Safety Tips for Handling Woodwork Machines

Safety Tips for Handling Woodwork Machines 14.06.2018

Woodwork can be both a fascinating job or a highly satisfying hobby. However, like any other technical hobby or business that requires the use of tools, you need to follow certain rules to ensure your enjoyment and safety.

Be attentive
For both occasional hobbyists and professional woodworkers who spend all day in a wood workshop, fatigue is a threat to their safety. You should never operate woodwork machines if you feel tired or are otherwise impaired. This is because it can have a negative influence on your decision making and will encourage shortcuts.

Follow basic safety rules
In the workshop, there are some basic rules that help to avoid most accidents resulting from the use of woodwork machines. Among these are keeping your fingers away from spinning blades, not wearing loose-fitting clothing while you work and taking care to prevent any activities that could result in kickback from a table saw. You should also be careful when handling chemicals near machinery and wear face masks to avoid breathing in sawdust.

Take advantage of safety equipment and features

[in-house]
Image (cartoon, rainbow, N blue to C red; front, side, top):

When using power tools, you must always wear ear protection and safety goggles. Murphy’s Law is seldom wrong; the one time you fail to wear your safety glasses because they are at the far end of your workshop is the time something flies up and hits your face. Make use of safety features for your table saw such as blade guards and riving knives. Kickback can also be avoided by using a feather board, which keeps the stock held firmly on the fence of a saw while cutting.

Maintain your woodwork machinery and tools
A dull tool is dangerous; this is an old adage that all professionals should live by. This is because, when a tool loses its edge, it becomes unpredictable. As you gain experience with woodwork machines, you learn how they shear and cut. If, for instance, a chisel is not as sharp as it should be, it tears instead of cutting, which could lead to breakage or loss of control. If your tool is dull, it also forces you to exert more force than is necessary, further lessening your control of the machine and making it dangerous to you and anyone around you.

The final word
When handling woodwork machinery, fear is your best friend and will help you instantly identify anything that does not feel right. If you do not feel confident about a particular machine, then do not use it until you have addressed your concerns.

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